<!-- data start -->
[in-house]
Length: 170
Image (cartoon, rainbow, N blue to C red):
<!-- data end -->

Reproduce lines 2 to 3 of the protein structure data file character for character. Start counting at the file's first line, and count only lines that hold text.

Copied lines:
Length: 170
Image (cartoon, rainbow, N blue to C red):